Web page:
Just add tracks!

By Perri Ormont Blumberg
February 28, 2019
LatitudeStock - Flo Smith/Getty Images

So, why do we frequently encounter diners that look like train cars? The story unfolds when you take things back to the diner's original manifestation as a moving vehicle.

As Atlas Obscura explained in a deep dive on the topic, "Diners started out on wheels. In the late 19th century, street carts selling snacks and lunches had morphed into roving lunch wagons." Writer Anne Ewbank continues, "[w]hile some lunch wagons sported Gilded-Age decor, such as elaborate coffee urns and etched windows, many were ramshackle, giving them an iffy reputation."

As a surge in rail travel and dining cars grew in the early 20th century and these lunch wagons morphed into restaurants that stayed put, diners kept the similar tube-like shape and design of a train. "Tiny lunch wagons couldn’t accommodate the demand for fast, tasty meals. So manufacturers began building shippable, train-like 'dining cars,' which people had shortened to “diners” by the mid-1920s."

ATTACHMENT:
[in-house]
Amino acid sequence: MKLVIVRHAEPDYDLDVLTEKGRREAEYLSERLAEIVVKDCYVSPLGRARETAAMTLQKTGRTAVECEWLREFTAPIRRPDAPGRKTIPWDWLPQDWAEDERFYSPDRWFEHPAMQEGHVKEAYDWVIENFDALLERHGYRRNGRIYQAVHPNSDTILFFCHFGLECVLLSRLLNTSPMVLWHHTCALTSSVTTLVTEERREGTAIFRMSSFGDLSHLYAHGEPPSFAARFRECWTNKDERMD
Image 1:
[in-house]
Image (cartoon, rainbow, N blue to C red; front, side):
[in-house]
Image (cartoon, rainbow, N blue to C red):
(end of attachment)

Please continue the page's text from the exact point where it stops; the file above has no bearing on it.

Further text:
Come the 1930s, diners channeled the sleek, chrome design of trains in an effort to attract customers. And now? "Many still-existing diners retain long, train-like shapes," notes Ewbank. "Though the vast majority of classic diners were prefabricated, a handful were even made out of old train and trolley cars, since they fit so well the pre-conceived idea of a diner’s structure." Read the full article on Atlas Obscura here and learn more about the history of the American diner on SmithsonianMag.com.

WATCH: Southern Grandparents Try Moonshine

Mystery solved. Feeling hungry for some more fascinating trivia to share at your next potluck? Check out The Southern History of Grits.

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